Aubonne came to me by a sleight of hand. I was at nearby Allaman which I had established as a site previously, and only by accident did I notice that it was worth drudging into Aubonne as well (I actually gave up halfway up the hill and took the bus, but let’s ignore this shall we…). The château here is, most beautifully, situated on the highest place in the township although it also encloses a school in the modern day so is unsuitable for visiting at certain times of day.
The photo I have attached here is from the inside of the first court. I found it quite spectacular as other than Nyon it was the first château I could actually enter, and the decorative style employed here was absolutely striking. What has not been captured on this image but which was worth investigating was a Roman sculpture of two soldiers which stood off to one side in this courtyard.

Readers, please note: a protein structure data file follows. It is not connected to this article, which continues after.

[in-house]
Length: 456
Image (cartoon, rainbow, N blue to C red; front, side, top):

The commanding height of the locale also gave it only two access paths, one of these the seemingly historical main access-way with a wonderfully carved gate, and the other a wooden staircase which also allowed access to garden terraces (locked when I was there). Overall, the sense here was of a compact but stylish building that enjoyed still being of use for the people of its commune.
The structure itself dates from before 1197 but was rebuilt to a degree in the 17th when, like so many other places in the region, was purchased by the Parisian merchant Jean-Baptiste Tavernier. Tavernier is another of the names which now stands on my list of people to read about, as his Indies trade makes for no-doubt interesting stories. The portico pictured above is also one of Tavernier’s additions as is a spectacular white tower that stands proud above Aubonne.
Overall, though this place might not look like much, I think it is worth a visit, especially if one’s interest stretches into Rome. Again, I think I would caution a spring- or summer-time journey, as the gardens here are likely to be quite a bit more accessible in a warmer season than the early winteresque December.